It's official: Pluto isn't a planet any more. The IAU has spoken.
There's been a lot of bellyaching about this. A mysteriously large number of people (people with Web logs, anyway) apparently have a sentimental attachment to a large ball of ice three billion miles away. They're sad that it's been voted off the island, so to speak.
Well, I'm not. I'm glad the IAU has decided to uphold some standards, and I'm not ashamed to admit it. Pluto was always a lousy excuse for a planet. It's ridiculously small: not only is it smaller in diameter than the Earth's Moon, it's only a sixth of the Moon's mass. That's not a planet. And, just to rub it in, astronomers have discovered several Kuiper Belt objects which are actually bigger than Pluto.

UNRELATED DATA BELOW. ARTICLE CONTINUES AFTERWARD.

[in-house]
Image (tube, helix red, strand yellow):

So the IAU had the choice: kick a ridiculously substandard planet out of the club or open it to literally dozens of other obscure balls of ice with names like "Xena" or "Quaoar." They chose the path of sanity. Planets -- real planets -- are substantial bodies orbiting the Sun in regular orbits. Pluto is now just one of a whole passel of trans-Neptunian icy objects. Good riddance.
If Pluto wants to be accepted as a real planet, it can come back when it's gained about 50,000,000,000,000 megatons of mass. Maybe put on some rock or iron. Work up some surface gravity. Then we'll talk.